Using {Rs} or {dlgstring} to pass arguments to a program

When using the external control codes {Rs} or {dlgstring} to pass strings to a function, how are the strings sent to the program? I'm trying to create an Opus button that will run the selected program in a command prompt box and keep the box open. That part is easy enough:

/K being the command-line argument for cmd.exe to keep the window open after the program quits.

However, when I try to run a program that requires arguments to be passed, this button obviously does me no good. So I created a second button with this command:

Which mostly works. However, there is a program that I use quite frequently, which is my main inspiration for creating this button. It doesn't work with this setup. The arguments I need to pass are:

It seems the quotes get screwed up using the button code shown above. Using that code and those arguments, the result is an open command prompt giving me the error: 'C:\Documents' is not recognized as an internal or external command, operable program or batch file.

Any ideas on how to pass quotes as an argument in this manner? Thanks in advance!

--chriscrutch

I don't quite follow you. You mentioned a "program" however your button opens a CMD console which by itself does nothing until you feed it more commands. Are you talking about a batch file? A specific program that needs arguments sent to it in a particular way? If so, we'd need to know what way it needs those arguments presented.

FWIW I have a simple batch file that I call with this button command:

D:\Mine\cmd\Test.bat C:\temp ""

In the batch file are only these three lines:

@echo off
echo %*
pause

The first and third lines in the batch file aren't important to this discussion, however the middle one echoes exactly what Opus sent to it. And with my button command above, it echoes exactly what you asked for

C:\temp ""

So what am I missing?

John

I think you need to add more quotes. :slight_smile:

Try typing """" into the dialog prompt to see if that works. Failing that, try six quotes (two for the start and end of the argument and two doubled-up quotes to produce two quotes in the commandline).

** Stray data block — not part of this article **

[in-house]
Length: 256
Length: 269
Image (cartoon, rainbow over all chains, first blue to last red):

It's probably worth making it work from a command prompt first, then making it work from an Opus button. That way you have less programs potentially removing/interpreting the quotes in the commandline and can work out which commandline you need to generate and then separately work out how to generate that commandline from an Opus button.

@JohnZeman

I'm not using batch files. I have several different command-line programs spread across several different directories that I use on a regular basis. Instead of navigating to their directory, using a "Command prompt here" button, and then typing in the program's name and arguments to run, I wanted to create a button that would do all that automatically, regardless of which of these many programs I feel like running at the time. That's where the {f!} part of my button comes in. I find a program, select it in my lister, and run the button. Double-clicking some of these programs brings up a command prompt which is immediately killed when the program terminates (especially if I screw up the argument syntax :smiley: ), leaving me no time to review the output. I want a button that will automatically open a command prompt, run the program, with arguments if required, and keep the command prompt open so I can review the output. Hence the "cmd.exe /K" reference. Somtimes I want to do this with program A, sometimes with program B, so I can't create a button with a specific program hard-coded into the commands. Normally, the button I created asking for arguments works just as I hoped it would.